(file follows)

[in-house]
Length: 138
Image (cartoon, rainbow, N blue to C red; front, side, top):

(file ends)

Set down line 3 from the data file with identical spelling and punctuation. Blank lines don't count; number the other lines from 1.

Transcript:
Image (cartoon, rainbow, N blue to C red; front, side, top):